Interior design and decorating are somewhat bound by rules developed overtime to regulate housekeeping, maintenance and aesthetics. Some rules are the result of etiquette and protocol from the days when those things mattered a lot, and your home spoke volumes about your education, wealth and social standing. Many consider these rules a thing of the past and, as with most norms, that innovation can result from when we break them. Here are a few decorating rules to consider — and break — when necessary.
—One pair of pillows always looks skimpy. Use two pairs, in contrasting patterns, colors and textures, and always throw in an odd one for contrast or as a conversation piece.
—Small-scale furniture only makes a small bedroom look smaller. Try a high bed and a tall headboard. Your room will grow.
—Mix styles. A four-poster bed will take the chill out of a modern bedroom.
—An open armoire is more interesting than a closed one. Let people into your secret world.
—The fastest way to make over sliding closet doors is to wallpaper them.
—Every large collection needs order. Wall brackets and linear shelving can bring order to a large collection or odd shapes.
—Use a real rug in the bathroom. Use a rug instead of a bath mat. It was made to withstand a lot more wear than the occasional wet foot.
—What sofa? There is no rule that a living room has to have a sofa.
—Whenever in doubt, white walls work. You'll never get tired of a white room.
—Dark walls can do the opposite of what you'd expect: They'll make a small room feel bigger.
—Layer your lights. Four lamps are better than two. You need ambient light for mood and direct light for reading.
—Tuck in your throws. Keep throws under control. Fold them lengthwise, and then in half. Then tuck them into cushions so they look neat and tailored.
—Kick your traditional cocktail table to the curb. The most versatile cocktail table you'll ever own is an ottoman topped with a tray.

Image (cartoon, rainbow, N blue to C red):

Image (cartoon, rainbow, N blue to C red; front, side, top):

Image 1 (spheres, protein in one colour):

—Skirted and fringed furniture finishes a room. Too many chair and table legs can make a room seem temporary. A skirted piece or two will make it feel "grounded," just make sure there balance so the room doesn't feel heavy.
—Gold is gorgeous. Gold is back in a big way. A few accents will warm up a room, like brass trimmed furniture or accents.
—Give a room a touch of some green. Nothing softens a lonely corner in a big room like a potted tree or a planted orchid. Plants are sometimes the best decorative accessories.
—Leather is almost forever. The most durable fabric for dining chairs is leather or vinyl, especially if you want white.
—Switch up your seating in every room. Mix up the seating at your dining table for a "collected over time" look. You wouldn't have eight identical chairs in your living area.
—Love your closets. Paint them, paper them, hang pictures in them to inspire you. And definitely light them.
—Refinish vintage finds. Don't be afraid to paint a vintage piece. Every piece of furniture can't and shouldn't be brown.
—Pick your paint colors last.
Joseph Pubillones is the owner of Joseph Pubillones Interiors, an award-winning interior design firm based in Palm Beach, Florida. His website is www.josephpubillones.com. To find out more about Joseph Pubillones, or to read features by other Creators Syndicate writers and cartoonists, visit the Creators Syndicate website at www.creators.com.